After the liberation of Constantinople by the Ottomans in 1453, Jewish refugees from all over Europe were encouraged to settle in the country and to take advantage of the liberal treatment accorded them by the Sultan. When the Ottoman Sultan Bayezid heard about the expulsion of the Jews from Spain by King Ferdinand, he said: “Can you call such a king wise and intelligent? He is impoverishing his country and enriching my kingdom.”
When Charles De Gaulle, was Minister of Algerian Affairs in Occupied Algeria he tried an experiment to force French values on Algerian Muslims. It ultimately failed because Islamic thought is too powerful to be defeated by kufr (disbelief). He responded to his critics, “What can I do if the Qur’an is greater than France?”
Among the teeming and terrified crowd of protesters in Cairo’s Tahrir Square in January 2011, a young man and an older man crouched huddled next to each other as bullets from the security services whizzed overhead. In the din, the two spoke of how the Prophet Muhammad had once declared that whoever dies speaking truth to a tyrant will die a martyr. They spoke of the great martyrs of the Prophet’s day, who awaited those latter-day believers who would one day join them in Paradise. Seized by inspiration, the young man cried, “I will greet them for you,” stood up and was shot in the head. “I touched his blood with my hands,” the elder man, a famous Muslim preacher, it turns out, recounted later in a TV interview, “It smelled like perfumed musk.” Notes  Prophet Muhammad ﷺ said: “The master of the martyrs is Hamza ibn Abdul Mattalib, and a man who stands (in front of) an oppressive ruler and enjoins the good and forbids the evil and so is killed …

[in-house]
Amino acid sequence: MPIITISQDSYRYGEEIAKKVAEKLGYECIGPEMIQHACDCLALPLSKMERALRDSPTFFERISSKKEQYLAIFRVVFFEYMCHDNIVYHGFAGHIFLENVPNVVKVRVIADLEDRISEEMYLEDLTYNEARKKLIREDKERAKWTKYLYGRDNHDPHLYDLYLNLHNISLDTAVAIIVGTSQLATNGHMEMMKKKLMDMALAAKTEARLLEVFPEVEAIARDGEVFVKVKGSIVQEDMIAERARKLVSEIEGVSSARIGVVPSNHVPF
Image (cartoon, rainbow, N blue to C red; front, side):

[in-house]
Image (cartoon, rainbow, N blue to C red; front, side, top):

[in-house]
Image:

Introduction The Ottoman Sultanate which later became the seat of the Caliphate in 1517 was by no means perfect. A decline in Islamic thought, weakness in the Arabic language and closing the doors of ijtihad all had an impact on the implementation of Islam across the state. Yet despite this, the Ottoman State remained an Islamic State, and its concepts, criteria and convictions were Islamic. Legislation and administrative laws (kanun) were based on sharia, even if this was a tenuous link in some cases due to the decline in ijtihad, such as the devshirme, hereditary bay’a and tanzimat reforms.
This is an extract from the book ‘The Islamic Khilafah: A Manifesto for Change’ by Hizb ut-Tahrir Britain. CONTENTS PART I: INTRODUCTION 1. Background 2. The problems of a typical Muslim country – Egypt: A Case Study 3. Proposals from other political parties 4. Supporting documents and Islamic evidences
A tale of how Allah helps those who help themselves BY ABDULLAH AL ANDALUSI People often think the Battle of Ain Jaloot (1260CE) was a turning point in the invasion of the Mongols, and saved the rest of Muslim lands from destruction. However, this is not entirely true, the battle only delayed the Mongols, the truth, like most of history, is stranger than fiction. Above all the story offers us an interesting and recurring lesson – just when we think we have no hope of success in Allah’s cause, Allah gives those who remain steadfast supporting his deen, help from an unexpected quarter.
BY FARUQ IBN QAYSR Introductory Remarks In his tract on monetary reform, John Maynard Keynes referred to gold as a barbarous relic, whose rigidity had fettered the world from economic freedom and prosperity. He spoke at a time when the Occident were suffering from macroeconomic anaemia and were yearning for a solution. In sheer desperation, fiat money became the drug that gave growth-addicts what they craved for in the short-run. However, years after its introduction, the fiat system has induced far more volatility than it sought to resolve. In truth, Keynes failed to realise that barbarity was a trait not of gold but of fiat, insofar as it has plagued the world with monetary anarchy. In fact, the very system he consigned to history has never been more relevant than it is today.